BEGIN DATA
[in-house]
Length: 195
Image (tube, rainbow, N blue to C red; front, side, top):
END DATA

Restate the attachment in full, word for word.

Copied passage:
[in-house]
Length: 195
Image (tube, rainbow, N blue to C red; front, side, top):